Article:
'It's time to put down the hot drinks and get back into position.
'Our remaining lots are jewellery related.
'I hope there are some collectors in the room.
'First is the gold sovereign dated 1893.
'James hoped this would be literally worth its weight in gold.'
Going to start the bidding here at £75.
80. Five. 90. Five. 100. Gentleman has it in the room at £100.
Ten is next. At 110. 120.
130. Good year 1893. £130 is bid.
At £130. 140 anyone else? Selling at 130...
-£130. I think that's quite good.
'£30 over James' low-end estimate.
'A cracking start to the second half of our sale.
'I don't think Lynn will miss it, either.'
The gold sovereign, I thought that was an excellent price.
That was a present but, once again, I haven't worn it for a long while so that was good.
'It's certainly a top-dollar price for the sovereign.
'I hope it bodes well for the rest of our jewellery lots as we've another four.
'Next is the trio of gold watches.'
A Condor ladies' cocktail watch.
Two others by Avier and Regency. £20 for these.
All the watches there for £20. £20 is bid. At £20.
I'll take two where, now? 22.
25. Sells, then, in the cap.
Are we all done and finished at £25? We're going to sell...
'That's half James' lower estimate.
'But after the sovereign's success,
'we can afford not to worry much.
'Hopefully, the next piece will see more pounds rolling in.'
Next is a gilt metal necklace. Where's that from?
-I bought it in Jersey. It's Jersey gold.
Let's see how we get on.
The gilt metal costume necklace. Where will we start that? £20?
-The costume necklace for £20...
-Surely we can get that for it?
Costume necklace for £10. Any interest at all at ten?
None whatsoever? We'll pass on that, I'm afraid.
-I do wear it occasionally.
You'll be wearing it more than occasionally now!
'Lynn's looking on the bright side but it's our second unsold lot.
'With another two jewellery items to sell, I'm a bit concerned.
'We haven't reached our £500 target.
'Although our couple has made enough for the new bed,
'we need to make the rest of the makeover fit for a princess.
'Perhaps silver will be more to the bidders' taste.'
Our next lot is a silver bracelet.
-Birmingham 1961, before my time!
-I don't know why you're laughing.
-It's within my time!
Start it off. Silver bracelet. £20 for it.
£20 for the silver bracelet. Who'll start me at £20? Ten?
-Ten for a silver bracelet...?
£10 for it? Ten for the bracelet? We'll pass on that, then. No bid.
Hm. That's not sold, either. It seems that we don't have jewellery dealers here on the lower end.
We were fine with the sovereign.
But on the purely decorative level, it doesn't seem to be here.
'Two unsold lots in a row. It's not good news for our target.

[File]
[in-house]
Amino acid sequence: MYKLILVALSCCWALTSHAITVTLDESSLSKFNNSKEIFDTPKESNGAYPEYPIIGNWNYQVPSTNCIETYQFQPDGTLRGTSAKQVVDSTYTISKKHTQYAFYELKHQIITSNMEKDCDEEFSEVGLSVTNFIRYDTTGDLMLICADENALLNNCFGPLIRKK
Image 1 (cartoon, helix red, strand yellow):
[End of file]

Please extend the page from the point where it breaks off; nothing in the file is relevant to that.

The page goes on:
'Our couple can take them home but we'd all have liked a few more pounds instead.
'If the bidders won't splash the cash, there's nothing we can do.
'We've just one item left to sell so we are all hoping James was right
'about there only being collectors of top quality jewellery here.'
Two charm bracelets. One with 21 charms and one with nine.
Where will you start that? £100 is bid.
£100 is bid. I'll take ten where, now?
£100 is bid. 110 where for the charm bracelets?
110. 120. 130. 140.
150 in the corner has it. 160 anywhere else?
Gentleman's bid in the corner and selling at £190.
Are we all done at £190?
That's lovely. Yes.
-Frank, are you happy with Lynn not wearing that?
-But you've got to buy her lots more jewellery?
'Frank may seem like a tough cookie, but I've a feeling he's a softie.
'The bracelets charmed the bidders and it's a fantastic final sale.
'Time to see whether the charm bracelets have taken our total to a royal level.'
That's your last lot sold.
You wanted £500 and the total, bearing in mind we've had a couple of no sales, comes to £640!
That's brilliant! That will do the room as well.
-Well done. Excellent.
-Pleased with that?
There we go, then. I hope she enjoys her bedroom. How wonderful.
-She can afford to be a real princess!
'A couple of weeks after raising £640 at auction,
'Lynn and Frank have been doing a spot of bed shopping.
'And their guest of honour is due to arrive soon.'
We've just got back from the shop. Hannah is on her way round.
Frank had better get that bed made. I'm going to put the kettle on.
'While Lynn relaxes with a cuppa, Frank starts putting it together.
'It's not an easy job, but Granddad soon gets the knack.
'Before long, the bed is ready for the seal of approval
'from its special owner.'
That's the bed made up. I think it looks really good.
I hope Hannah feels the same.
There's nothing in there!
You'll have to put something in at home.
Hannah is very pleased with the bed, absolutely over the moon.
I can't wait to see it in her newly decorated room - probably by granddad.
The Cash team are in Essex helping Frank and Lynn Marns raise £500 to buy their youngest granddaughter a special princess bed. They are hoping that their bungalow full of inherited collectables will provide the funds.